A recent memo detailed the lengths to which Apple is willing to go to stop employees from leaking information about upcoming products.
It’s an on-going problem. Last year’s iPhone X launch, you might remember, was spoiled by a leak to Bloomberg’s Mark Gurman. And while that may have been the largest, it certainly wasn’t the only leak Apple had to deal with. All told, the company caught 29 leakers last year, all of whom were fired. 12 were arrested.
Some employees, however, didn’t seem to get the memo. But the press did, right after an Apple employee leaked it to Bloomberg.
Last month, Apple caught and fired the employee responsible for leaking details from an internal, confidential meeting about Apple’s software roadmap. Hundreds of software engineers were in attendance, and thousands more within the organization received details of its proceedings. One person betrayed their trust.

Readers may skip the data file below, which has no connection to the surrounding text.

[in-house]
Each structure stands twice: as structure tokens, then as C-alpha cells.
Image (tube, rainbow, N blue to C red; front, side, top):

The employee who leaked the meeting to a reporter later told Apple investigators that he did it because he thought he wouldn’t be discovered. But people who leak — whether they’re Apple employees, contractors or suppliers — do get caught and they’re getting caught faster than ever.
In many cases, leakers don’t set out to leak. Instead, people who work for Apple are often targeted by press, analysts and bloggers who befriend them on professional and social networks like LinkedIn, Twitter and Facebook and begin to pry for information. While it may seem flattering to be approached, it’s important to remember that you’re getting played. The success of these outsiders is measured by obtaining Apple’s secrets from you and making them public. A scoop about an unreleased Apple product can generate massive traffic for a publication…
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